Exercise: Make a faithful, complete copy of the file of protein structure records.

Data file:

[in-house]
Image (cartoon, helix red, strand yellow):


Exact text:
[in-house]
Image (cartoon, helix red, strand yellow):